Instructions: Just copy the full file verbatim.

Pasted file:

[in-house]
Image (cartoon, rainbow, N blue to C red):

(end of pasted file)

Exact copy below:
[in-house]
Image (cartoon, rainbow, N blue to C red):